WNBA CBA Talks Under Way. What Does It Mean For The League?

Tuesday, July 30, 2019 6:22 PM UTC

Tuesday, Jul. 30, 2019 6:22 PM UTC

Before this WNBA season started, in the back of my mind I thought it might be the league’s last. At the very least, the 2020 season looked at the very least partially in danger. However, support for the league is growing both in and outside of betting circles and it appears a strike just became less likely with recent news of ongoing CBA negotiations.
<div><h2><strong>Cathy Engelbert Has A Tough Job</strong></h2><p>WNBA attendance figures will be telling this season by the time we get to September, but the league’s problems have been less about attendance recently and more about pay and travel equity.</p><p>Enter new WNBA commissioner Cathy Engelbert, who not only has to balance the day-to-day operations of the league, but also oversee what could be intense negotiations surrounding the future of the W.</p><p>With an embarrassingly low minimum salary around $40,000 and with the max contract a player can make only $113,000, the league needs to update with the times. No one is arguing these women should make as much as NBA players, but <a href="http://theconversation.com/the-case-for-boosting-wnba-player-salaries-100805" rel="nofollow" target="_blank">a minimum salary of $100,000</a> should not be hard to come by.</p><p>Also, allow the superstars to make more money so they don’t have to go overseas and play a grueling schedule, only to water down the WNBA product in the summer when they are too tired or injured to compete.</p><p>The second big issue that Engelbert and the Player’s Association has to figure out is travel. WNBA players don’t get the benefit of charter flights. They have to stick it out in coach with the rest of us. However, that has led to some notable issues like last season with the Aces and <a href="https://twitter.com/NatAchon/status/1143054260872990720" rel="nofollow" target="_blank">this season with the Fever.</a></p><p>This is a tougher one to crack. You have <a href="https://sportleaguemaps.com/basketball/wnba/" rel="nofollow" target="_blank">teams scattered all across the country</a> and if the league wants to expand, they will need to figure out the travel issues. Limited charter flights, or more allotted travel time between games might be a necessary piece for players in negotiations.</p><p> </p><h2><strong>Room For Optimism</strong></h2><p>Considering most high-level WNBA players make eight to 10 times what they can make in the WNBA overseas, I thought that a strike was eminent. However, two important bits of news broke over the All Star Week that require some optimism.</p><p>First, USA Basketball has <a href="https://www.forbes.com/sites/alanaglass/2019/07/27/usa-basketball-announces-expanded-2019-20-womens-national-team-training-program/#3ef8c5e25afe" rel="nofollow" target="_blank">come to an agreement with eight of the league’s top players</a> to stay home this winter and start to train for the 2020 Olympics. That is a huge move for both women’s basketball and the WNBA. It should allow more exposure to the league and the level of talent that the USA has in women’s basketball. The league won’t want to ruin that momentum with a strike or lockout heading into the 2020 season.</p><p>Secondly, the league released a press statement last Thursday acknowledging that CBA discussions are ongoing. While I’m sure there is a long way to go, it’s encouraging that talks are getting started early.</p><p>As someone who actively bets on the WNBA, this news is great, because I was struggling with what to bet on in the summer of 2020 if the league was temporarily shut down. As a fan, I also really enjoy going to games with my kids, so it’s welcome news for those of us who can’t get enough hoops.</p><p>Hopefully we’ll know more before the regular season winds down, but I am downgrading my pessimism about the future of the WNBA for now.</p></div>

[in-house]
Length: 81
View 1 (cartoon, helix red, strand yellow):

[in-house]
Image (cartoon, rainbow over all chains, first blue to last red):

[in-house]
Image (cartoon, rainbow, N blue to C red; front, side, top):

comment here